STORY: Tropical Storm Hilary made landfall in California on Sunday – the first storm of its kind to hit Los Angeles County since 1939.
It triggered flash floods in mountainous and desert areas of the state. The city of Palm Springs typically gets only around four-and-a-half inches of rain in a year, but videos on Sunday showed cars driving through flooded streets, and it was forecast the area could get six to ten inches from Hilary.
[DJ Hilton, Cathedral City resident]
“It is a bit unprecedented. We’ve had storms before, but never anything quite this windy and rainy at the same time. I have a friend who just saw a 60-foot carport get blown off of his neighbor’s house and carried four houses up. And there are also a few very large downed trees around the area.”
Authorities on Monday declared a state of emergency for much of Southern California, with flash flood warnings in effect.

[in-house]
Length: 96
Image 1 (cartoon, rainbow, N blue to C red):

Los Angeles Mayor Karen Bass said the areas expect more heavy downpours to come.
[Karen Bass, Los Angeles Mayor]
“The city has opened the most emergency temporary shelters for unhoused Angelinos experiencing homelessness to provide relief from extreme weather since at least 2020 and we will continue to address these issues. Right now, it is critical that Angelinos stay safe and stay home unless directed otherwise by safety officials.”
Hundreds of flights in San Diego, Las Vegas and Los Angeles were canceled.
Classes in San Diego and Los Angeles – the two largest school districts in the state – were also suspended.
California Governor Gavin Newsom on Sunday said President Joe Biden ordered federal agencies to move personnel and supplies into the region.
And as Storm Hilary was closing in, a 5.1-magnitude quake also shook the region. There were no immediate reports of injuries.
Before Hilary made its way to California, it swept past the Baja California peninsula in Mexico.
One person died amid reports of flash flooding. Nearly 1,900 people were evacuated to shelters, according to Mexico’s army.